In Mexico, Castro met a number of exiles from other Latin American countries, many of whom shared his commitment to revolutionary change. Among them was Che Guevara whom Castro invited to join his assault on the Batista regime. Guevara was the only non-Cuban enlisted.
The Cuban Revolutionaries
Thus, the Castro brothers, Che, and 80 other Cuban revolutionaries sailed for Cuba, in December of 1956, on a small yacht christened, the Granma. When Castro’s men landed, they came under heavy fire. Just over a dozen of Castro’s guerillas survived the onslaught. Almost miraculously, they made their way safely to the Sierra Maestra mountains and plotted their next move.
Meanwhile, Batista engaged in indiscriminate bombings, and forced relocations of Cuban peasants to squash the insurgency. This increased Castro’s popular support. And while Batista announced falsely that every member of Castro’s guerilla force was dead, the New York Times published a photograph of Castro very much alive.
Times reporter Herbert Matthews had made his way to the mountains for a face-to-face meeting. Matthews wrote, “Thousands of men and women are heart and soul with Fidel Castro and the new deal for which they think he stands.” Further, he observed that a “formidable movement of opposition to General Batista [was] developing” and the guerilla forces were poised to take advantage. Castro himself told the reporter, “They never know where we are, but we always know where they are.”
The portrait fueled Fidel’s popularity and possibilities.
Castro’s Underground Supporters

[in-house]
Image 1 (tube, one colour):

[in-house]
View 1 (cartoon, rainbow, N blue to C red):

As the 26th of July Movement made plans, radical elements in the cities contested Batista’s government. In March 1957, student activists attacked the presidential palace, and nearly killed the president. But they were repelled. And the repression got worse. One focus for Batista were Castro’s underground supporters, who funneled supplies and weapons to the guerillas.
A lynchpin in this support network was Frank País, who led the movement’s urban wing. He was popular among the revolutionaries and may even have posed a threat to Castro’s leadership of the movement. But on July 30, 1957, País, was gunned down.
The murder provoked outrage. More that 60,000 sympathizers attended his funeral. Widespread strikes, rallies, and violence followed. But the supply network was now rudderless.
In Control of the Movement
The outrage and subsequent violence however, left Fidel in unquestioned control of the movement. With Che’s help in developing a strategy of guerrilla warfare, Castro’s men attacked large plantations, mines, and factories to disrupt the Cuban economy.
Feeling threatened, Batista countered by suspending freedom of speech, assembly, and the press. He also imprisoned hundreds of suspected dissidents. Cuba was now on the brink of civil war.
Common Questions about Fulgencio Batista, Fidel Castro, and the 26th of July Movement
Fidel Castro found a muse in the revolutionary Cuban poet Jose Martí.
Fidel Castro invited Che Guevara to join his assault on the Batista regime. Guevara was the only non-Cuban enlisted.
Frank País was popular among the revolutionaries and may even have posed a threat to Fidel Castro’s leadership of the movement.